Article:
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Indian-origin Scientists behind one of the most advanced telescopes

 Indian-origin Scientists behind one of the most advanced telescopes

Indian-origin scientists have played a significant role in astronomy and science; the recent invention of a telescope further proved this. For instance, NASA’s new James Webb Space Telescope showed the deepest images of the universe; it showed the colourful galaxies, nebulas and Jupiter’s moon. However, a lot of hard work went behind the successive invention of the telescope, and three Indian scientists are particularly to be attributed.

NASA administrator Bill Nelson said that the telescope shows the deepest and sharpest infrared image of the distant universe. Also, the images captured cover a patch of sky approximately the size of a grain of sand held at arm’s length.

The scientists behind the development of the James Webb Space Telescope (JWST)

Hashima Hasan

Hashima Hasan

Born in Lucknow, Uttar Pradesh, Dr Hashima Hasan is the NASA Deputy Program Scientist for NuSTAR, the Keck Observatory, and ADCAR (Astrophysics Data Curation and Archival Research). Besides, she has been monitoring and managing the science program for the telescope; she makes sure that the mission stays in progress and true to NASA’s strategic objectives.

Furthermore, in one of the videos published by NASA, she spoke about her childhood; when she was growing up in India, she got fascinated with space when her grandmother took her to the backyard to see Sputnik.

She completed her undergraduate studies at Aligarh Muslim University and studied at the Tata Institute of Fundamental Research( TIFR), Mumbai. After completing her studies, she worked at the Bhabha Atomic Research Centre(BARC); later, she received her doctorate from Oxford University in theoretical nuclear physics.

Dr Hasan was the Optical Telescope Assembly Scientist at the Space Telescope Science Institute, Baltimore, till 1994, following which she joined NASA and carried out several missions since then.

Kalyani Sukhatme

Kalyani Sukhatme

Kalyani Sukhatme grew up in Mumbai and completed her Bachelors in Technology(B-Tech) from IIT Bombay, after which she completed her Masters’s and a doctorate in physics from the University of California. Also, in 1998, she joined NASA’s Jet Propulsion Laboratory as a postdoctoral fellow.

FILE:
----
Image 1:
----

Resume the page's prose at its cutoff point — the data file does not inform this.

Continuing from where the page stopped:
In 2012, she won the European Space Agency James Webb Space Telescope award for significant achievement. She had been working as a project manager for the Mid-Infrared Instrument(MIRI), one of the four instruments on the telescope. However, presently she works at NASA’s Jet Propulsion Laboratory, California Institute of Technology.

Moreover, she has often been credited with contributing to the technological development of infrared detectors and their spaceflight missions operation.

Kartik Sheth

Kartik Sheth

Indian-origin Kartik Sheth is a programme scientist in the astrophysics department within NASA’s Science Mission Directorate. He completed his Master’s and PhD in Astrophysics from the University of Maryland; before joining NASA, he worked at Caltech. Also, he was a tenured astronomer at the National Radio Astronomy Observatory in Charlottesville.

Besides, he has been working as a programme scientist in the Astrophysics and Earth Science Division, Nasa. Additionally, he has been administering space missions and research and development programs in advanced technology.

At the same time, he has been working on a few research programs that aim at United Nations’ sustainable development goals. Furthermore, his current portfolio boasts James Webb Space Telescope, SOFIA, Spitzer and the Origins Space Telescope, and the Hubble Fellowship programme. However, one of his most distinguished achievements is NASA’s Diversity, Equity and Inclusion Award for his work leading the Anti-Racism Action group.

Tina Dayal

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